• You are making the case that a Cross should be removed from a war memorial that sits on public land. It must follow, then, that Crosses and other religious iconology should be removed, as well, from national cementaries that sit on public land.

      • You make a strong case, but I disagree. There’s a difference between interning a body, and respecting the final wishes of the person being buried and the family, and erecting a monument to them, and commemorating their service. In Woonsocket, there are more than a dozen memorials to various veterans and fallen soldiers. Some no longer exist, or are long forgotten. Some are in terrible disrepair, others are well maintained. But only one has any kind of religious message attached. And that message has nothing to do with the veterans, but with the time period in which it was built.

    • Defacing a memorial is any way is just plain disrespectful. What was done at a different time period (when Christian symbols were considered to be commonplace and not an affront) is DONE. Leave it alone and move on.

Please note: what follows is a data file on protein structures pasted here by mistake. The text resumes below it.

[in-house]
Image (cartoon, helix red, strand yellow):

• No one is asking that the memorial be defaced. They are asking that it be removed from public land, and placed on private land. In fact, several veteran’s groups have volunteered to find a much more visible home for it. The monument right now is in terrible condition, it’s virtually rotting away. The attention brought by the letter from the FFRF has allowed the city to raise $15,000 in order to fix it up, something that wasn’t going to happen before. So in a sense, the atheists you’re complaining about have lead to a situation where the memorial can be fixed up and given a more prominent location in the city, and move it from public land where it clearly violates the separation clause of the First Amendment. It’s a win for all sides. Why are you complaining?

  2. Allen fields on said:

    What are the atheists whining about? The Supreme Court defined “secular humanism” as a religion!

  3. I did not know this about the memorial–thanks.